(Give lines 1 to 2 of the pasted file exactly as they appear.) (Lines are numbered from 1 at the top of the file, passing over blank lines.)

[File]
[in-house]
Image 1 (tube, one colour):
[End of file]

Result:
[in-house]
Image 1 (tube, one colour):